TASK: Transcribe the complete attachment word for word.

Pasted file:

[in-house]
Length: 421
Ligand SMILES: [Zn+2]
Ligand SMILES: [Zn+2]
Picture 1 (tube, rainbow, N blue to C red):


[in-house]
Length: 421
Ligand SMILES: [Zn+2]
Ligand SMILES: [Zn+2]
Picture 1 (tube, rainbow, N blue to C red):